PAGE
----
There is a close link between the Word of God and the Spirit of God doctrinally, and in terms of Christian living and ministry.
Indeed, God’s Spirit is the One who uses His Word in our lives and through our lives. So, life in the Spirit is really a description of the Christian life itself.
Our key text for our thoughts today is Galatians 5:13-6:5. I am following and adapting my father’s material found in a chapter in our textbook, Anointed Expository Preaching.
This truth might sound strange because we think of freedom as a gift, and indeed it is! But, we are to live according to the gifting of the Spirit and the freedom that is ours in Christ. What do we mean by “freedom” in this context? We are called to freedom from “religious legalities” (Galatians 5:1). It would take a long time to explain fully the wonderful freedom that has been bought and secured by the gracious and merciful cross-work of Christ Jesus our Lord. We are not under the condemnation of the Law due to Christ’s death on our behalf. Therefore, we are not to fall back under a legalistic mindset or a life of legalistic practices to earn more favor with God and escape condemnation.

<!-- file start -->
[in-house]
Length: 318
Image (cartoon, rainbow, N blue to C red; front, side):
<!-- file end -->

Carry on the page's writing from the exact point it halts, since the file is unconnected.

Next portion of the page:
Life is now characterized by freedom from condemnation, and the fruit of the Spirit’s inner work in our lives. Yes, there is to be Spirit-enabled love and obedience that flow out of the new life that is ours in Christ. The Christian must not live a life dictated by legalistic practices, nor should we promote such a life for others. Such a life denies the centrality and sufficiency of the cross and resurrection of Christ, and it de-emphasizes gift of the Spirit to all who are truly in Christ.
There is a balancing truth concerning this freedom and it is a freedom from “rebellious carnalities.” The Apostle Paul contrasts the fruit of the Spirit with the works of the flesh (Galatians 5:19-21). Although the Christian is a sinner saved by grace, the preacher should demonstrate a life free from the domination of the flesh, and its many manifestations. Freedom in the Spirit is a freedom to love, to serve, to grow in Christ. This involves a freedom from sins rather than a freedom to sin.